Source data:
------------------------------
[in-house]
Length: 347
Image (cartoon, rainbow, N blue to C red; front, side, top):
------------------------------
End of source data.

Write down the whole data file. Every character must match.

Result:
[in-house]
Length: 347
Image (cartoon, rainbow, N blue to C red; front, side, top):